where *s**ij* are elements of a scoring matrix given by (*i = j*, diagonal), (*i ≠ j*, off-diagonal), and with the sample probabilities (observed frequencies) given by *p**i* = *N(O**i**)* / *N*).

*Answers the question: **What was the accuracy of the forecast in predicting the correct category, relative to that of random chance?*

**Range:** -1 to 1, 0 indicates no skill. **Perfect score:** 1

**Characteristics:** Uses all entries in the contingency table, does not depend on the forecast distribution, and is equitable (i.e., random and constant forecasts score a value of 0). GS does not reward conservative forecasting like HSS and HK, but rather rewards forecasts for correctly predicting the less likely categories. Smaller errors are penalized less than larger forecast errors. This is achieved through the use of the scoring matrix. A more detailed discussion and examples for 3-category forecasts can be found in __Jolliffe and Stephenson (2012)__.

*Relative operating characteristic* - Plot __ hit rate (POD)__ vs

*Answers the question:** What is the ability of the forecast to discriminate between events and non-events?*

*ROC*: **Perfect:** Curve travels from bottom left to top left of diagram, then across to top right of diagram. Diagonal line indicates no skill. *ROC area*: **Range:** 0 to 1, 0.5 indicates no skill. **Perfect score:** 1

**Characteristics:** ROC measures the ability of the forecast to discriminate between two alternative outcomes, thus measuring resolution. It is not sensitive to bias in the forecast, so says nothing about reliability. A biased forecast may still have good resolution and produce a good ROC curve, which means that it may be possible to improve the forecast through calibration. The ROC can thus be considered as a measure of potential usefulness. The ROC is conditioned on the observations (i.e., given that Y occurred, what was the correponding forecast?) It is therefore a good companion to the __reliability diagram__, which is conditioned on the forecasts. More information on ROC can be found in __Mason 1982__, __Jolliffe and Stephenson 2012__ (ch.3), and the __WISE site__.

*Reliability diagram* - (called "attributes diagram" when the no-resoloution and no-skill w.r.t. climatology lines are included).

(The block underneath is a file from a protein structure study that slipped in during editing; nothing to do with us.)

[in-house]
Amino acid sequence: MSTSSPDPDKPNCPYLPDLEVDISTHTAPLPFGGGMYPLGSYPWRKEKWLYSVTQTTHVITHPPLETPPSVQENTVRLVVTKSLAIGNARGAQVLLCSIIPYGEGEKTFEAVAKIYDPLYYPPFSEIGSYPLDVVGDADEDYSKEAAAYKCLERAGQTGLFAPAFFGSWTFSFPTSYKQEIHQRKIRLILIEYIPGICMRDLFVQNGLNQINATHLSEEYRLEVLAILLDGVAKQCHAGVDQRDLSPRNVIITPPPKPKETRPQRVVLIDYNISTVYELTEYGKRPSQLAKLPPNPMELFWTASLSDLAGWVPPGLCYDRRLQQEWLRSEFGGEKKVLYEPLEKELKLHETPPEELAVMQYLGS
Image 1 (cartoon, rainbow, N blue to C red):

The reliability diagram plots the observed frequency against the forecast probability, where the range of forecast probabilities is divided into *K* bins (for example, 0-5%, 5-15%, 15-25%, etc.). The sample size in each bin is often included as a histogram or values beside the data points.

*Answers the question:** How well do the predicted probabilities of an event correspond to their observed frequencies?*

**Characteristics:** Reliability is indicated by the proximity of the plotted curve to the diagonal. The deviation from the diagonal gives the *conditional bias*. If the curve lies below the line, this indicates overforecasting (probabilities too high); points above the line indicate underforecasting (probabilities too low). The flatter the curve in the reliability diagram, the less resolution it has. A forecast of climatology does not discriminate at all between events and non-events, and thus has no resolution. Points between the "no skill" line and the diagonal contribute positively to the __Brier skill score__. The frequency of forecasts in each probability bin (shown in the histogram) shows the sharpness of the forecast. The reliability diagram is conditioned on the forecasts (i.e., given that X was predicted, what was the outcome?), and can be expected to give information on the real meaning of the forecast. It it a good partner to the __ROC__, which is conditioned on the observations.

*Brier score* -

*Answers the question:** What is the magnitude of the probability forecast errors?*

Measures the mean squared probability error. __Murphy (1973)__ showed that it could be partitioned into three terms: (1) *reliability*, (2) *resolution*, and (3) *uncertainty*.

**Range:** 0 to 1. **Perfect score:** 0.

**Characteristics:** Sensitive to climatological frequency of the event: the more rare an event, the easier it is to get a good *BS* without having any real skill. Negative orientation (smaller score better) - can "fix" by subtracting *BS* from 1.

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*Answers the question:** What is the relative skill of the probabilistic forecast over that of climatology, in terms of predicting whether or not an event occurred?*

**Range:** -∞ to 1, 0 indicates no skill when compared to the reference forecast. **Perfect score:** 1.

**Characteristics:** Measures the improvement of the probabilistic forecast relative to a reference forecast (usually the long-term or sample climatology), thus taking climatological frequency into account. Not strictly proper. Unstable when applied to small data sets; the rarer the event, the larger the number of samples needed.